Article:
Officials in the Dominican Republic are laboring to implement a controversial decision by the country’s top court, which ruled that the children of illegal Haitian migrants are no longer entitled to citizenship.
The court last month ordered authorities to audit all of the country’s birth records dating back to June 1929 to determine who no longer qualifies for Dominican citizenship, putting in doubt the status of as many 200,000 people, the New York Times reported
The country’s migration director has said that those affected would receive temporary residency permits while the government devises a way to grant them immigrant status.
But without the benefits of citizenship, those affected would lose the right to vote and to obtain benefits like public health insurance and lower tuition at state colleges, according to the Times.
In 2010, Dominican voters approved a constitutional amendment excluding from citizenship the Dominican-born children of those in the country illegally, including seasonal workers.
The new court decision goes beyond the referendum by ordering officials to audit birth records dating back decades and compile a list of people who should not qualify for citizenship. Dominican authorities must also inform embassies when questions arise about someone’s nationality.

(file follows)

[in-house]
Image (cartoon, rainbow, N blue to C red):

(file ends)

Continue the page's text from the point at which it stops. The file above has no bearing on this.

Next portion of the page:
“We are extremely concerned that a ruling of the Dominican Republic Constitutional Court may deprive tens of thousands of people of nationality, virtually all of them of Haitian descent, and have a very negative impact on their other rights,” a spokesperson for the U.N. Office of the High Commissioner for Human Rights told reporters in Geneva earlier this month, according to the International Law Prof Blog
Supporters of the decision, including the nation’s immigration commissioner, said it would help the government clarify citizenship rules. The archbishop of Santo Domingo, Cardinal Nicolás de Jesús López Rodríguez, supported the ruling and suggested that international organizations were interfering in Dominican affairs.
“International organizations don’t rule here,” he said, according to the Times. “I don’t accept anybody coming here to decree anything. No country, not the United States, not France, nobody. Here, we are in charge.”
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